Road GID proposed for Lyon County |

Road GID proposed for Lyon County

Karen Woodmansee
Appeal Staff Writer
Amy Lisenbe/Nevada Appeal Matt Taylor of the Lyon County Road Department uses a blade to cut out the washboard on Fort Churchill Road Monday afternoon in Dayton as he begins the process of resurfacing the road.

Lyon County taxpayers may be asked to pay a little more – in the form of taxes to a Road General Improvement District.

Lyon County commissioners last week voted unanimously to direct staff to draft a resolution that would create a GID to pay for roads in all areas of the county except for Fernley and Yerington.

Road Manager Gary Fried said the GID is necessary because the cost of road building has risen much faster than revenues from the gasoline tax.

“The cost of road construction is continuing to rise,” he said. “It has gone up 33 percent in the last year, and our dwindling gas tax dollar has not increased since 1989. We’re getting less done for more dollars.”

Fried said there are many county roads in need of repair, particularly Dayton Valley Road in Dayton, Affonso Road, Cash Drive and Industrial Parkway in Mound House and the Ramsey Weeks Cutoff in Silver Springs.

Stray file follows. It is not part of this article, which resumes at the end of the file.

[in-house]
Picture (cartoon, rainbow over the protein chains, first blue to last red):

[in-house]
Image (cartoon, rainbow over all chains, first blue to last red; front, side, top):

The commissioners did not set a tax rate.

Road repair is paid for now out of the gasoline taxes and the county’s general fund.

Counties can form GIDs, according to NRS 318, but the commission must first approve a resolution to that effect.

The commissioners then must unanimously approve the resolution, after which they must see if the two cities, Fernley and Yerington, want to annex the proposed GID areas that are within seven miles of their boundaries.

To continue the GID process, the cities’ officials would have to not only decline to do so, but take action supporting the formation of the GID.

A commissioner then proposes the ordinance, and notices of public hearings are mailed to all residents in the proposed GID boundary.

Two public hearings will take place, and commissioners will vote after the second.

Lyon County comptroller Josh Foli said the tax rate would be 20 cents per $100 of assessed valuation or less, Foli said, with the full 20-cent rate expected to raise $1.75 million. He said there is 22 cents available under the state tax cap.

That amount will not bring all the roads up to the ideal maintenance standard, he said, since road officials estimated that $53 million worth of work is needed.

• Contact reporter Karen Woodmansee at or 881-7351.